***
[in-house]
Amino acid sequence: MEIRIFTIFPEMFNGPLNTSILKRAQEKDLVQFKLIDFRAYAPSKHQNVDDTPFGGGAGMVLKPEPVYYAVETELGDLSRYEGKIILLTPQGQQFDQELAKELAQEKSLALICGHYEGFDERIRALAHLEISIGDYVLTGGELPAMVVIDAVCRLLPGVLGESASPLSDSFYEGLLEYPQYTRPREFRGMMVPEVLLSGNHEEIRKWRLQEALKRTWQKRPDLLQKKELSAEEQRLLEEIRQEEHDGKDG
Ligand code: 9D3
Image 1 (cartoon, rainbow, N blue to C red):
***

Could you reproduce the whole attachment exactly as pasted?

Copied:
[in-house]
Amino acid sequence: MEIRIFTIFPEMFNGPLNTSILKRAQEKDLVQFKLIDFRAYAPSKHQNVDDTPFGGGAGMVLKPEPVYYAVETELGDLSRYEGKIILLTPQGQQFDQELAKELAQEKSLALICGHYEGFDERIRALAHLEISIGDYVLTGGELPAMVVIDAVCRLLPGVLGESASPLSDSFYEGLLEYPQYTRPREFRGMMVPEVLLSGNHEEIRKWRLQEALKRTWQKRPDLLQKKELSAEEQRLLEEIRQEEHDGKDG
Ligand code: 9D3
Image 1 (cartoon, rainbow, N blue to C red):